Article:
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next two years. CA. The directive includes an addi- response solutions are part of the

By the very nature of its closed mari- tional 12 months translational provi- portfolio of instruments to limit harm to time environment, a substantial spill in sion for non-production installations, people, the environment and assets.

the Mediterranean could possibly have such as mobile offshore units. The barrier approach, increasingly

HSEQ a catastrophic impact on a number of For operators with an existing fxed adopted by oil and gas companies coastlines with large environmental, installation offshore, the directive must today, uses the bow-tie risk model as social and fnancial consequences. be introduced at the point of the next it’s under-pinning. Bow tie diagrams

The directive addresses cross-border routine submission of the safety case or can greatly assist with the identifca- safety and environmental events to 60 months, whichever is the soonest. tion of critical barriers and the devel- ensure that these are dealt with in an opment of the necessary verifcation effective and effcient manner. schemes required by the new directive.

Alignment with improved safety

However, the directive allows differ- This sets out in a simple fgure the management approach ent implementation legislation across The major hazard report is one of the scenarios that may occur; the top event

EU states and this could cause inef- CA’s most practical tools to exert regu- (i.e. the undesired loss of control or fciencies, for example in moving a latory control over offshore operations. undesired event), the threats that cause drilling rig from the UK sector to the The success of its safety case predeces- this (left) and the consequences that

East Mediterranean to conduct drilling sor is anchored in root cause analyses might arise (right). operations. of historic accidents. In between the threats and the top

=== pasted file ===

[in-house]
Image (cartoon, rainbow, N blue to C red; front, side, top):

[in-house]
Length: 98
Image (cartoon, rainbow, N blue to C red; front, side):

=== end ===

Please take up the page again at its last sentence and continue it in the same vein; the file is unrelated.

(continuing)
The necessity to gain repeated Investigations into major accidents event are the prevention barriers approval for an operator’s major hazard concluded that these accidents were which stop a threat from propagating report, verifcation scheme, etc., from caused by known risks for which a through to the top event. Similarly, country to country, may mean a lack number of safety measures had been between the top event and the effects of consistency that could result in planned and implemented. are the mitigation barriers which lengthy and costly delays without ben- However, the accidents occurred as reduce the magnitude of the potential eft to offshore safety. a result of multiple barrier failures, consequences.

Both industry and regulators will often in combination with a lack of, or The scheme is further extended by have to consider developing an accept- inadequate barriers in certain areas. depicting the barrier decay mecha- able “template” that can be used across The safety barriers’ performances nisms, which also show what specifc the EU for the owners and operators of must be defned, their status continu- controls are put in place to prevent such installations. ously monitored, and acted upon when degradation, e.g. training, competence,

EU member states will have 24 deviating from the set targets. Although inspection, preventive maintenance months from the date of transposition, preventive barriers are preferred, (See illustration). in July 2013, to implement the direc- mitigating barriers are also impor-

It is critical that an offshore tive; including the establishment of a tant. Therefore, improved emergency safety regime properly accounts for

Example of a simplifed bow tie diagram

OE | September 2013 34 032_OE0913_HSEQ1_DNV.indd 34 8/18/13 11:05 PM

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